Department of English

Graduate Student Katharine Beutner Wins 2010-2011 AAUW American Fellowship

Tue, June 22, 2010

The English Department congratulates graduate student Katharine Beutner on being selected by the AAUW to hold a 2010-2011 American Dissertation Fellowship. The $20,000 fellowship is part of the AAUW's oldest and largest grant and fellowship program. Since 1888, the American Fellows program has supported female scholars as they complete doctoral dissertations, conduct postdoctoral research, or finish research for publication. Fellowships are awarded to qualified candidates on the basis of scholarly excellence, teaching experience, and active commitment to helping women and girls through service in their communities, professions, or fields of research. American Fellows have long maintained a legacy of important contributions to scholarship and society; previous Fellows include writer Susan Sontag, psychologist Joyce Brothers, and astronaut Judith Resnick.

Katharine will also receive the Philanthropic Educational Organization's $15,000 Scholar Award. The P.E.O. Scholar Awards program, established in 1991, provides educational awards for women of the United States and Canada who are either pursuing a doctoral level degree or are engaged in postdoctoral study research at an accredited college, university, or institution. In selecting recipients of these competitive, merit-based Scholar Awards, the board of trustees for P.E.O. Scholar Awards evaluates each application based on scholarly excellence, academic achievements, academic career goals, and the potential of applicant to make a significant contribution to her field. Katharine won the additional honor of being designated one of six P.E.O. Named Scholars, earning the title Carolyn Lindley Cooley, Ph.D., Named P.E.O. Scholar for 2010-2011.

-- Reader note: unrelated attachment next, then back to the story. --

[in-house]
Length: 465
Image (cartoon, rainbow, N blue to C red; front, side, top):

Katharine Beutner completed an MA in creative writing at the University of Texas at Austin, where she is currently a PhD student in eighteenth-century British literature. Her first novel, 'Alcestis,' written during the MA program, was published earlier this year. In her dissertation, entitled "Writing for Pleasure or Necessity: Conflict among Literary Women, 1700-1750," she is examining autobiographical works by female authors such as Delarivier Manley, Martha Fowke Sansom, Eliza Haywood, and Laetitia Pilkington. In spring 2010, she received a Maureen Decherd Fellowship from the English Department to support her dissertation writing. Thanks to the PEO Scholar Award and AAUW American Dissertation Fellowship, she will spend the 2010-2011 academic year completing her dissertation and working on a new historical novel, tentatively titled 'Killingly,' about the disappearance of a Mt. Holyoke College student in 1897.

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